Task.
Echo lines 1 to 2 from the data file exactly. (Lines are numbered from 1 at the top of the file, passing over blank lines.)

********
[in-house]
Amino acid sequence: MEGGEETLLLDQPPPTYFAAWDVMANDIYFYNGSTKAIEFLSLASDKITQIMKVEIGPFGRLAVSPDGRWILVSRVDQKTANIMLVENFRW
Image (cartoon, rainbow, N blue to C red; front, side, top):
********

[in-house]
Amino acid sequence: MEGGEETLLLDQPPPTYFAAWDVMANDIYFYNGSTKAIEFLSLASDKITQIMKVEIGPFGRLAVSPDGRWILVSRVDQKTANIMLVENFRW